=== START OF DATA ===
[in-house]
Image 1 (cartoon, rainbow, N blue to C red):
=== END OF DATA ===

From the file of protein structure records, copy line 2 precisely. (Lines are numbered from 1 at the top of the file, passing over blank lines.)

Image 1 (cartoon, rainbow, N blue to C red):